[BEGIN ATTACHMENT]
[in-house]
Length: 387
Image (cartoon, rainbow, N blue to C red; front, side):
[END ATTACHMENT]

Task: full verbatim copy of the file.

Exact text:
[in-house]
Length: 387
Image (cartoon, rainbow, N blue to C red; front, side):